Razer Ripsaw_.jpg


Since you wouldn’t expect a USB3.0 connection to be completely latency-free, this point is not particularly important. In most situations, the Razer Ripsaw delivers an absolutely stunning performance even in HD recording at 60 frames per second.

Who should buy it?

Everyone who can forgive the minimal delays in some situations will get a high-quality product with many great features and a good set of accessories. Less latency you only get with internal PCIe boards. Because of the fast installation of the Ripsaw you can start streaming as soon as possible. Overall professionals as well as amateurs will equally enjoy it.

Using Capture-Hardware

Now that we have taken a closer look at a few suitable devices, we want to take care of how they are connected, in the next step. Let’s first look at the general connection options of a capture box:



As can be seen in the two sketches, the box functions as a distributor. It records the signal from the console, transmits it without latency via the HDMI output to the TV, so that the streamers can continue to see the broadcast scene including sound. At the same time, the signal is also transmitted to the PC via a USB output, where it can be picked up and processed with the corresponding streaming software (e. g. OBS, a tutorial can be found here).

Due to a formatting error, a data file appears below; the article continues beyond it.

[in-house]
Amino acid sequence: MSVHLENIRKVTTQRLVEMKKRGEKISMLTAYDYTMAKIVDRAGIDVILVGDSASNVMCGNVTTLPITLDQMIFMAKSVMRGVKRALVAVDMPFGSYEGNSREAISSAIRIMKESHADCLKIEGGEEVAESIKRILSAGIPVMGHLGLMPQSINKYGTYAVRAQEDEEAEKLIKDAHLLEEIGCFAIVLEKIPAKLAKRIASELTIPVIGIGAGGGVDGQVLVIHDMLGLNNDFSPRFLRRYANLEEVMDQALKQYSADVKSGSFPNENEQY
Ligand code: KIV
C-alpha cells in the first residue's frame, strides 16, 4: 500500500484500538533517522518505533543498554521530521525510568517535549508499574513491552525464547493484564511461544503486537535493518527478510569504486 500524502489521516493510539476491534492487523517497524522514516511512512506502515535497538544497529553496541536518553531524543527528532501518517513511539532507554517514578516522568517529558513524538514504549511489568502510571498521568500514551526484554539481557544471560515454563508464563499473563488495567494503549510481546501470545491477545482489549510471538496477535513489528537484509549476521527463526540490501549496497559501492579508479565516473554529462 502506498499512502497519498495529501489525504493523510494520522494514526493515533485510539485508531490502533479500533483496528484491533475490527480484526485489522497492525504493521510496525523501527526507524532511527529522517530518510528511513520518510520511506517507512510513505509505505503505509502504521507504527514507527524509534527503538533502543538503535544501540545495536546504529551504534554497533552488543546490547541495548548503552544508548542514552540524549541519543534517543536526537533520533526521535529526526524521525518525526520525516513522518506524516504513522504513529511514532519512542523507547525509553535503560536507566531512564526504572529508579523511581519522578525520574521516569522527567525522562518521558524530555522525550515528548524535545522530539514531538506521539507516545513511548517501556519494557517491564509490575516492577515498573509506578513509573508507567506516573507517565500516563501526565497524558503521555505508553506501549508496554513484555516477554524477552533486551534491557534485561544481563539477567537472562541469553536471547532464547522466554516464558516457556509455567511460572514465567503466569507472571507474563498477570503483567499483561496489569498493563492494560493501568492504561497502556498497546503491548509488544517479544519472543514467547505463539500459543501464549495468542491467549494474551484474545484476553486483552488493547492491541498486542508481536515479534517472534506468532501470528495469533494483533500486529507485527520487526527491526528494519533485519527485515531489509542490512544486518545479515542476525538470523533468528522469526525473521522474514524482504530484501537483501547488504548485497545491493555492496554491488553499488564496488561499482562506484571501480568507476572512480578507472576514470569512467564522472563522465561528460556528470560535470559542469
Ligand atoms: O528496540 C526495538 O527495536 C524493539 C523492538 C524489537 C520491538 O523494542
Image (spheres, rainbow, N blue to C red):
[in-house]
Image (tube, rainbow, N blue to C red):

Please note that it is not always possible to transmit the signal from the console to the speaker via HDMI if, for example, the signal is encrypted using HDCP, as with the PS3. In this case, most of the boxes offer an additional component input to which other formats can be connected via adapter (e. g. the 3-fold chinch cable for PS3)

In the right graphic, you can also see how to connect a headset or microphone for a second audio track, as it is for example possible with the Razer Ripsaw.

If you have decided on a fixed installed card, this sketch might help you:


As you can see on the picture, the capture card is directly installed in the PC. This requires a free PCIe interface. Otherwise, everything is exactly the same as above, except that the signal is transferred to the PC via PCIe instead of the USB interface and finally to the streaming software.